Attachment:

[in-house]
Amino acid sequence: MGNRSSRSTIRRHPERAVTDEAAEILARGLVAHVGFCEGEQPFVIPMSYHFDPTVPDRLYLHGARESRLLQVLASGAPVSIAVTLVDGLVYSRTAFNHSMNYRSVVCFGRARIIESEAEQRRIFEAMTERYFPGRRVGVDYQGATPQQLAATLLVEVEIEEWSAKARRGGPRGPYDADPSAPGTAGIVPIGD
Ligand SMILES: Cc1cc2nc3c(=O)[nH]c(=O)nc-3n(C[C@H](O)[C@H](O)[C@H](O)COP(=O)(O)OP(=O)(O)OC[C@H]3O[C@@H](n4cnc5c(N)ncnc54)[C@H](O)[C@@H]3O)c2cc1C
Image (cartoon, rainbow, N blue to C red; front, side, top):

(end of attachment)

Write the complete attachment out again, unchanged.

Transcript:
[in-house]
Amino acid sequence: MGNRSSRSTIRRHPERAVTDEAAEILARGLVAHVGFCEGEQPFVIPMSYHFDPTVPDRLYLHGARESRLLQVLASGAPVSIAVTLVDGLVYSRTAFNHSMNYRSVVCFGRARIIESEAEQRRIFEAMTERYFPGRRVGVDYQGATPQQLAATLLVEVEIEEWSAKARRGGPRGPYDADPSAPGTAGIVPIGD
Ligand SMILES: Cc1cc2nc3c(=O)[nH]c(=O)nc-3n(C[C@H](O)[C@H](O)[C@H](O)COP(=O)(O)OP(=O)(O)OC[C@H]3O[C@@H](n4cnc5c(N)ncnc54)[C@H](O)[C@@H]3O)c2cc1C
Image (cartoon, rainbow, N blue to C red; front, side, top):